Help the NEA

Jay Watterworth watterwo@SOBEK.COLORADO.EDU
Wed Jun 24 22:18:50 EDT 1998

Good thoughts, Sal.  I agree.  The few outragous artistic pieces that
were funded by the government are first, a real exception to the rule --
if I was going to object to "questionable" taste, I would pick the
uninspired, mundane rather than something over the edge; second,
someone's idea of art may not be mine, but so what?  And three, to
discourage any type of art is shortsighted and foolish -- almost every
"great" artist, those on the cutting edge defining what art is *now* from an
historical standpoint has been subjected to this.  This includes Picasso,
Davinci, Maplethorp, Beethoven, Bach, Muddy Waters, and (dare I) Stevie Ray

If it offends you, don't look or listen.

Jay Watterworth

On Wed, 24 Jun 1998, Sally Stevens wrote:

> In a message dated 6/22/98 7:31:41 PM, wrote:
> <<Surely, no artist has a constitutional right to have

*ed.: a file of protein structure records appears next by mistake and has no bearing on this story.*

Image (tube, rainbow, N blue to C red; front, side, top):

> his or her art project subsidized by the federal government. The NEA has
> a finite amount of money that it can award to a finite number of
> artists. The world will survive even if some guy who wants to float a
> crucifix in a jar of urine has to do so using his own funds and without
> a government grant.>>
>         But as taxpayers we all have a constitutional right to have some say in where
> our money goes.......I'd rather my taxes went to support art & music, even if
> it is a crucifix in a jar of urine.....than the CIA...which I find much more
> offensive than anything Mapplethorp ever created......
>         Sal

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